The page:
However, there is no doubting the Z’s sex appeal, our test car featured the Z’s colour “lemans sunset”, which still attracts attention from onlookers and its ten years old! When you catch a glimpse of this car in a reflection, sitting so low, compared to other cars it only adds to the theatre, even if its stop start traffic you know it’s not a Camry. The Z has sports car written all over it, the styling is effective inside and out.
The cabin feels sporty and apart from the mentioned tape deck it doesn’t show its age. Who doesn’t love some additional gauges in their sports car! If anything the 370z is the only reason the 350z seems outdated.
Unfortunately, in the 350z’s case, owning a sexy sports car means sacrificing in the comfort and practicality department. But in its category the Z isn’t all bad and Nissan did attempt to deliver some practicalities.
As it only has two seats there is a large boot, with hatch style access. Unintelligently Nissan placed a rear strut brace right across the boot with flashy trimmings, its looks great but takes up a lot of room. If you carefully follow the instructions you can even fit golf clubs in the boot, upsettingly I fear many Z’s have been purchased for this reason.
It’s small so it’s easy enough to park without the cameras and sensors expected on cars today. It rides low but still maintains acceptable clearance front and rear, only scrapping on the largest of curbs. The fuel tank is large for a small car so fuel range is excellent, meaning long trips are no fuss.
The suspension on the Z is firm, I mean firm on smooth roads, forget about bumpy roads with potholes. We did pick some pretty rubbish roads for our test, suspension was tight, no crashing over bumps or interior pieces falling off. It dealt with potholes quickly but we felt them in every part of our body. One would suspect that the track spec’s stiffness would pay off best on the track.
The Z really is all about the driver, despite the suspension being firm the seats offer excellent support and comfort. The steering wheel is a proper thickness and of course its leather rapped. All up these refinements make the stiff Z as comfortable as can be.
It was great to enjoy the talents of the Z for a whole day, but we know with the state of Victoria’s roads as an everyday car it could get tiring. However for spirited driving it does not disappoint, it’s addictive, turns heads and puts a smile on your face like most modern pop songs.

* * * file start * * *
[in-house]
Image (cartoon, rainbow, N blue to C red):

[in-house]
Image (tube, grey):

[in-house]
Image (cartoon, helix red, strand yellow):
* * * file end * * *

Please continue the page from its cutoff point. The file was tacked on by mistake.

Even though our test car was ten years old, nothing rattled, nothing fell off, and nothing appeared to be out of place. Considering the price of 350z at the moment if you can find one that’s been well looked after it’s a bargain! Just like Ricky Martin the Z continues to rock on even though retirement is near.
|Pros:||The 350z is after all a Nissan. This means they can be serviced cheaply, parts don’t cost the earth, build quality is good, and the car has been designed by people who know what a sports car is!The depreciation of the 350z has already taken the big hit compared to its new price (60K+) there isn’t much more to loose and bargains can be had. If you’re looking for a rear wheel drive sports car with genuine pace and some practicality built in the Z is in a category of its own and hard to go past. It can still be compared to cars that cost three times as much.|
|Cons:||Being a niche sports car the Z has limits, its a specific car for a specific person. Its not fuel efficient, it only has 2 seats, the boot is cramped, it rides low, it runs on expensive tyres and brakes, and it only has a Nissan badge!The 370z has been out for a while and its starting to drop in price, this is probably the one thing that will kill the 350z and push the price even further towards a Kia Rio. The 370z is a tweaked 350z and has only been improved in every way, if you are looking at a 350z and your budget can stretch why wouldn’t you get a 370z.|
|Our test car was equipped with a fun killing automatic box, yes I know.. However some fun can still be had and I’m sure if it was life and death I would make those tyres chirp! There is traction control fitted but its not needed with massive grip from huge tyres and an auto box when are you going to need it?|
|With the lemans sunset paint job of our test car heads were turning every which way and particularly old people couldn’t get enough of the 350z|
|She asked me if it was practical… I told her there is no back seat. See said “That’s just stupid”|
|Most people including my friends respect the 350z as a sports icon, its not the quickest or the best looking, or the loudest but no one is going to cut you off in traffic.|
|Cruising in this car is very satisfying, heads are turning, the Z handles great. Plus you only have to take one friend with you.|
|The Z is probably limited to weekends away simply because of the luggage space. If you had to go away in it for a month I fear your spine may never be the same again, in fact the suspension may cause brain damage.|
||363nm @ 4800rpm|
||Unleaded (premium recommended)|
||206kW @ 6200rpm||
||REDBOOK 350Z Link|